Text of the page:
Peaslee bases the next section of the piece on the twelve-tone row, which is passed from the lower strings upwards, creating a very sparse texture. This shift in texture leads up to an exciting array of ascending and descending triplets played by the soloist (note the soloist has changed to Bb trumpet here). The previous feeling of yearning that Peaslee had created in the last section is washed away somewhat and a more hopeful atmosphere is created. To emphasise the use of twelve-tone, or in fact a semi-twelve-tone approach to this section, Peaslee repeats only small sections of the row, and then abandons it after the seventh, which creates a very open feel to this section. This section is also marked Slower-Expressive which further highlights Peaslee’s various compositional decisions. Bar 83 marks the next section of the piece, and this is perhaps my favourite section. Marked Slow the accompaniment play some incredibly enchanting E minor 13th chords, which again, are syncopated. The soloist has changed back to flugelhorn for this section, and after a short introduction from the accompaniment, plays a smooth melodic line. The major challenge the soloist faces at this point is the intervals Peaslee has written, for instance intervals of 9th’s and 10th’s are incredibly difficult to play in a higher range, especially when marked pp. Again, to create atmospheric space, Peaslee relies heavily on the Lydian mode to shine through the rubato melodic lines from the soloist, against the syncopated Ab minor 11th chords played by the accompaniment. The tempo slows a little at this point, however the accompaniment is very active, now playing arpeggiated sextuplets in F# minor, with the soloist building up to the climax of a top C# marked ff and slowly dying away to a subtle mp. This section in particular I really enjoy as it just feels so other-worldly and it really shows off the trumpet as an instrument and just how versatile it can be.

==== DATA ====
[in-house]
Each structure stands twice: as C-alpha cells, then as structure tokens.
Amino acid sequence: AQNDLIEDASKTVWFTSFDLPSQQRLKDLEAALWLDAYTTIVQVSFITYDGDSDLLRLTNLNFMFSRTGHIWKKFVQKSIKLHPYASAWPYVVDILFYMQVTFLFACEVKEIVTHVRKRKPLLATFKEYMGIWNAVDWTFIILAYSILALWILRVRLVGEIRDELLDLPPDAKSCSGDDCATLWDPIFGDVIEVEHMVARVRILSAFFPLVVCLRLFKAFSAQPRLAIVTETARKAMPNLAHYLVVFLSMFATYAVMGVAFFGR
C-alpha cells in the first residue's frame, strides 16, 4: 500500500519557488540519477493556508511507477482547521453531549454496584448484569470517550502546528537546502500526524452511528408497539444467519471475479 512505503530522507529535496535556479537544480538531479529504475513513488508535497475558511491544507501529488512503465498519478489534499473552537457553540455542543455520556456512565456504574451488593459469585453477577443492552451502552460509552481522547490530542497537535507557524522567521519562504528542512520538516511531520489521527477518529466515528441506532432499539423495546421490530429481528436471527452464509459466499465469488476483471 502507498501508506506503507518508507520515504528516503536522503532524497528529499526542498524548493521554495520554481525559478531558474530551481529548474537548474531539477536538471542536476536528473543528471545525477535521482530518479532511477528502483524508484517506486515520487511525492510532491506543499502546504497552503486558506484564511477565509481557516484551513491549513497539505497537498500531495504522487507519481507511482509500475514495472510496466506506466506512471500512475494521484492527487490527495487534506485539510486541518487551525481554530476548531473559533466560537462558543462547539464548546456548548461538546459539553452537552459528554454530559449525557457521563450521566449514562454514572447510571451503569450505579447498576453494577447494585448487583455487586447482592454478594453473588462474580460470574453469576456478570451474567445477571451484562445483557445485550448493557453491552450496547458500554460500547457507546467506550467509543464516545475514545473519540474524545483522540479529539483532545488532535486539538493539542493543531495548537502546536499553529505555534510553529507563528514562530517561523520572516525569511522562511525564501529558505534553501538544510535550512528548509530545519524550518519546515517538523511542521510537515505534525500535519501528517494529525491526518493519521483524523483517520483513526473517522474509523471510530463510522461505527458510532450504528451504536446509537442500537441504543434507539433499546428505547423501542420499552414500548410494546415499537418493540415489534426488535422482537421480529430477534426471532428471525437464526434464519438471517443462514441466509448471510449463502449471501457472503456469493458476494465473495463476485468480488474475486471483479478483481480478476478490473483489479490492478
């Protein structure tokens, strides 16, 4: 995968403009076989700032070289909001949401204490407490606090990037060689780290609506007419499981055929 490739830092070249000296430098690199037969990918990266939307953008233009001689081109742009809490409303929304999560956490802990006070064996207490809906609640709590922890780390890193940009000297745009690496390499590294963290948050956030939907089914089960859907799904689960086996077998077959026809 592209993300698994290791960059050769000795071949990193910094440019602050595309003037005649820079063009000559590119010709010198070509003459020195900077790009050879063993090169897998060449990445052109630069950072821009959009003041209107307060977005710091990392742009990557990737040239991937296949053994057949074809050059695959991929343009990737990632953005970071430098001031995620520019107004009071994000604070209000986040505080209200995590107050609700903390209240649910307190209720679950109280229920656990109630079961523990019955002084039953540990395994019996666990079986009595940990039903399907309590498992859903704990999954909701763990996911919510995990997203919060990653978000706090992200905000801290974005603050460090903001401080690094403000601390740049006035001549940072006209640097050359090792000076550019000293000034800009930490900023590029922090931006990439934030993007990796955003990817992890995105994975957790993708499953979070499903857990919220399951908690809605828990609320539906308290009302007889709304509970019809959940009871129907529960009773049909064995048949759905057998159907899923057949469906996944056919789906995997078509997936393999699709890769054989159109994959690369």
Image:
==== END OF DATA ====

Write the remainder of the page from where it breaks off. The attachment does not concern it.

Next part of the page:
The enchanting E minor 13th chords are heard again, although this time with the soloist who is playing the exact same rhythm as the accompaniment, which infers a sense of unity at this point, which there hasn’t been much of thus far. The upper strings and harp play a short melodic cell which foreshadows what the soloist plays a few bars later, and thereafter the accompaniment starts dying away and becoming less and less prominent. The underlying chords here do reflect Peaslee’s jazz background with the his use of a C minor 9th sus 4 chord underneath the melodic line played by the soloist. An E minor 11th chord is held in the accompaniment and the soloist plays a nifty descending sequence, utilising the locrian mode. This leads into the next section which is marked as Fast, and is by far the most exciting and driven section of the work. Pealsee plays with time signatures a lot here, changing from 4/4 to 3/4 to 5/4 and so on so forth. The rhythmic drive for this section is an eighth-note triplet sequence in the accompaniment and it passed between the parts within the accompaniment and the soloist. There are some very tight harmonies in this section, with Peaslee also being frivolous with his tonal centres in the solo part as you can hear his use of G# Aeolian mode, D Dorian and my personal favourite, G# Lydian mode. The melodic lines played within this section are actually taken from previous material in the piece, but as Peaslee has placed them in a new time signature (5/4 being the most prominent in this instance) he has essentially added two beats to the theme, therefore it sounds fairly different to its original source.